This is also Jacquard iDye in Chestnut, like I used for the chair covers. I did a quick pre-wash before dyeing and used three packs of dye and three cups of salt for the six cushions (about six pounds of fabric). I did it in a front-loading washer on the hot setting, letting the wash cycle run for 14 minutes, then pausing it for 10 minutes (periodically restarting it for about 30 seconds to agitate it and then pausing it again), then shutting it off and restarting and letting it go all the way through the hot cycle with a 16-minute hot wash, four rinses and one spin (my machine doesn't automatically empty if the cycle is canceled; there's a "drain/spin" cycle and a "rinse/spin" cycle that one can run on a canceled load rather than going through a complete cycle).
After this process, the result was this:
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Yeah, it's a greeny olivey color, with darker red/brown marks along where it crumpled while agitating. *sigh*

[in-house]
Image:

I put it through again, this time deciding to try having it agitate the whole time, and with more water volume and hotter water, thinking this would get more of the dye to take. I did the cushions in two batches, each with one dye pack and one cup of salt.
I set it on the hottest water, let the wash cycle run for 10 minutes, reset it and let the wash cycle run another 10 minutes, reset it and let the whole thing run through with the 16-minute wash cycle followed by rinses and spins. Each time I started the cycle, I dumped two cups of boiling water in through the detergent dispenser to add to the water volume and keep the temperature hot. Here are the covers after the second dye bath with the boiling water and detergent residue added three times during the process:
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They're a uniform color, and a much better color, but still too freakin' green. I'm really not understanding why this chestnut color is coming out so green. I must be doing something with the temperature or the pH or something that's making the reds in the dye not bind to the fabric. I think my next step is to run them through a bath of something reddish to get more of a chocolate brown.